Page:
Words by Dalene Heck / Photography by Pete and Dalene Heck
The coastal city of Swakopmund sits on a split landscape. To the south, the bright orange dunes of the Namib desert. To the north, the eerie blank canvas of the Skeleton Coast.
We mapped our route and departed just after nine, making a quick stop to lessen the pressure in our tires, knowing that we were heading onto loose gravel and sand roads. They would also potentially be slick from the dense fog that crept in overnight and was severely limiting our vision. Not the ideal day for a road trip but we were undeterred all the same.
We turned north.
The Skeleton Coast is as menacing as its name suggests. Borne of a book written in the 1940s to chronicle one of dozens of shipwrecks near its shores, the name is now even used on maps to depict a large chunk of the Namibian coastline. Interior Namibian Bushmen called it The Land God Made in Anger and Portuguese sailors The Gates of Hell.Our attraction was immediate and we wanted to see as much of it as we could. While a very large portion of it is closed off and only accessible by air, the entrance to the national park of the same name is reachable in a few hours from Swakopmund. Better planning would have afforded us a night inside its gates, but we only had enough time to get to the skull marked fence and return.
The tarmac quickly gave way to gravel, sand, and even salt-paved roads (consisting of concentrated salt water and hard packed gypsum-rich material) that changed colour with the land. Blonde to rose to black to pumpkin and sometimes streaks of every colour at once.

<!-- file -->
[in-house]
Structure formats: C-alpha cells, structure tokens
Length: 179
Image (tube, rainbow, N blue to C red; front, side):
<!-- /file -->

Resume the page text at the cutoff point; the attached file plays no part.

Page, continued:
Traffic faded into the fog, the number of cars we passed lessened dramatically the further we drove until we went over a full hour without seeing another soul.
Beneath the fog we could sometimes see waves crashing against the dull coast, the odd fisherman at its edge with enormously lengthy poles. We took turns down several different side roads, once to see the Zelia, a ship stranded in August 2008 when it came loose from its towing line and ran aground. Other times it was just to soak in the eerie ambiance, hear the waves, and feel the salty wind against our faces.
We once veered right when it should have been left and got turned around in the thick fog that hung against the pale land that all looked the same. There were no markers to indicate where we had been or which way back to the main road. We felt completely at mercy to the elements around us, like the ground could open up and swallow us. No one would have known the difference.
Our fear was not misplaced as we read later there are salt pans in the area 100 meters deep that can swallow vehicles.
Arrival at the park gate was chilling, we peered past with longing to go further but were unable to, and thus began the long way back on the same road. The fog had lost its battle by then and instead became low lying clumps of cloud. The sun rays reached the earth in patches, making the previously dull colors pop brilliantly.
But yet we stopped less frequently to take photos. Was it that we’d seen it all before or did we prefer the weird and ominous scene of the morning?
Not sure. Probably a bit of both.
how to do it and where we stayed
There’s a lot of great detail in this post about how to drive the coast (and explains why we couldn’t go past the gate). Note that we also made a stop at Cape Cross – not to visit the seal reserve – but for lunch at the lodge. It was delicious and highly recommended, but otherwise be sure to bring enough food, water, and fuel for the day as there is only one other possible stop along the way for supplies.
We returned that night to this swanky hotel in Swakopmund that we got for a steal (with an upgrade!) because of our booking in low tourist season.